Dave Griffith points to the aftermarket as the area where most of the company’s growth will continue to occur. “Aftermarket is where the ability to sell and rent other products starts and ends, and we are focusing on it with a vengeance. Modern’s strategy is to add products that grow the parts and service business and have rental capacity, in essence feeding the aftermarket.”
MHEDA in 2005
Strategy is a word that MHEDA’s 2005 President takes seriously. Dave Griffith came to Modern in 1992 after working in various executive positions at IBM and MCI. While at IBM, he was named one of the country’s Top 10 Salesmen. His positions included branch manager, regional manager, director of marketing operations, director of sales, vice president of product marketing and assistant to the president of IBM Corporation.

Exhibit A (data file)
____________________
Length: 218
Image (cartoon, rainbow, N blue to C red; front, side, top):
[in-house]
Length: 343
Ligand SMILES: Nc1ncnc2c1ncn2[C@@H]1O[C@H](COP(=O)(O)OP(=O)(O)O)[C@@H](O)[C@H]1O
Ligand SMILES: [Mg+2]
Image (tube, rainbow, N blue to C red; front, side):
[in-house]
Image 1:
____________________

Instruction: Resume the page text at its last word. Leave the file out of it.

Griffith attributes his father and brothers as his mentors and role models. He calls his father a salesman’s salesman, who was a “hard-nosed businessman with compassionate people skills” who also served as chairman and CEO of R.W. Greeff, a chemical brokerage firm. His two older brothers are in the banking industry.
Dave Griffith’s roots go even further. He joins a long line of MHEDA Presidents from Modern Group: Joe McEwen (1966), Allen McCully (1988) and George Wilkinson (1996), who is Modern’s executive vice president and chief financial officer.
As MHEDA launches its “Year of Transformation,” our 51st president will lead the association in its own transformation. “We are looking at our offerings and tuning them to make sure we are being responsive to our membership. We’re all about getting better. I think this is true personally, it’s true in our businesses, and it’s true in our association. Every day, we have to get better.” Griffith points to MHEDA-NET, the Web site and distance learning as programs that “make a lot of sense for members and will continue to be enriched.”